PSP Echo and PSP SpringBox look as old school as they sound.
I've been a fan of PSP Audioware plug-ins since I reviewed the PSP 42—an outstanding emulation of the ’80s-era Lexicon PCM-42 digital delay—in the December 2005 issue of GP. Here, PSP works its magic on tape echo and spring reverb—two studio staples from the ’50s and ’60s. The plug-ins are available in VST, AU, RTAS, and AAX versions. I tested the latter within Avid Pro Tools 10 on a 3.33GHz Mac Pro.
PSP Echo ($99 direct) combines four “tape” delays in various ways using an intuitive GUI reminiscent of vintage machines. Two delays provide ping-pong pre-delay effects, while the two primary delays feature identical sets of controls that include cool and unusual touches such as high-pass and low-pass filters that may be manipulated simultaneously in interesting ways, Feedback panning, dry signal stereo Spread and Balance, and Drive (tape saturation). There’s also a global Tape Speed control that sweeps between 7.5 and 30 inches-per-second, simulating the tape speed options found on the reel-to-reel machines used to create the earliest tape echo sounds. Similarly, the Wow section’s Frequency and Depth controls introduce groovy tape modulation. There’s even a highly tweakable Ducker for attenuating the echo level in response to the envelope of the input signal. And, of course, tempo and note divisions may be synchronized to the host tempo or set manually using millisecond or BPS values. In short, besides rendering authentic classic sounds from vibey rockabilly slapbacks to spacy dub-style long repeats, PSP Echo can conjure hypnotic polyrhythmic grooves, dizzying varispeed time warps, mutant modulations, runaway regeneration freakouts, and many more singular sonorities.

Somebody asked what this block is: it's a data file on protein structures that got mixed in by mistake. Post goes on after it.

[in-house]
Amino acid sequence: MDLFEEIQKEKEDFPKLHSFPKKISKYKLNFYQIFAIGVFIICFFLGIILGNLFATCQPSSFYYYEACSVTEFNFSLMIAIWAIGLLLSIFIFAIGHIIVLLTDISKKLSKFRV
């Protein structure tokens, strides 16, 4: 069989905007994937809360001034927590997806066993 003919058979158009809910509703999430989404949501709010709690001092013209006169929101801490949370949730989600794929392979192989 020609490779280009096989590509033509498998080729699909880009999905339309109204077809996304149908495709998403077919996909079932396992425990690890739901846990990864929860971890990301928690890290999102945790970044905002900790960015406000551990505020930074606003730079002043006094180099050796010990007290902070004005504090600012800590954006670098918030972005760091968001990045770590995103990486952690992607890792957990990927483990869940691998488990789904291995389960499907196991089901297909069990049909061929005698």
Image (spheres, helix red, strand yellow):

Everyone is familiar with the simple spring reverb circuits found in many guitar amps—but considerably more sophisticated studio devices have been built by Fairchild, Demeter, Orban, and others. The PSP SpringBox ($69 direct) does a remarkable job of simulating nearly all of the sounds offered by these hardware units, and then some. There are two processors labeled A and B, with identical sets of controls, and a switch that toggles between them. The Time controls sweep a range from zero to a staggering six or seven seconds of decay, and Trim adjusts the individual output levels. Very effective controls for Presence (high-mid boost), Damp (high-frequency damping), and low-frequency cut-off (HPF) provide extensive soundshaping options. Globally, you can select two-, three-, four-, or six-spring configurations, with mono-to-stereo or stereo-to-stereo feeds, and adjust the decay Diffusion, stereo Spread, reverb Pan, and Dry and Wet output levels. A choice of Low CPU and Brilliant (full) modes is offered, though I noticed little difference on my rather robust computer. As a longtime spring reverb nut who has owned many classic units, I’ll venture to say that the PSP SpringBox is more fun than a Woody brimming with beach bunnies— but its luscious character and sound-designing capabilities extend its reach well beyond luscious surf sproings to far out ambient spaces.